To Devizes at 2 mph
Another entry in the 1953 Women’s Institute local history file, refers to an account by Mr William Herbert Hopkins about an outing to Devizes in 1880. We are told that it was the Chapel centenary Sunday School outing. We have not succeeded in matching a chapel or Sunday School to the year 1780, but the account of the outing draws our attention to how different transport was in the late nineteenth century.
The town of Devizes is only about six miles from Market Lavington and might take us about quarter of an hour by car or a little longer by bus. Apparently this outing took four hours each way, though it did go on an eight mile route, calling in at various villages.
About a hundred people went on the journey – scholars, teachers and others. Miss Bayliss had been involved in decorating some of the newest trucks with flowers, streamers and bunting. The trucks had seats fitted and some overhead protection for rain or sun. And the motive power for this outing was traction engines. The account in the file does not make it easy to visualise the ‘train’ as it gets called. We are told that there were three traction engines, but sometimes it sounds like one! It reads “Two heavy steam traction engines (used on the land) and one used for road work, threshing and corn grinding were owned by a farmer who lent the traction engine.” Then we are told the name of the engine driver was George Goddard and Mark Brown was at the wheel. We also learn that the engine (singular) was decorated.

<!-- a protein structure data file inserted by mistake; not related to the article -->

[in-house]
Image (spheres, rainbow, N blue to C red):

There was a law in place at the time meaning that traction engines in use on the public roads were limited to moving at 2 miles per hour and had to be preceded by a man walking with a red flag. (See also our blog entry about a court case involving A speeding traction engine? in Market Lavington.)
What a pity that we don’t have any pictures of this special Sunday School outing, though we can share a photograph of a steam engine in use for farm work in Market Lavington.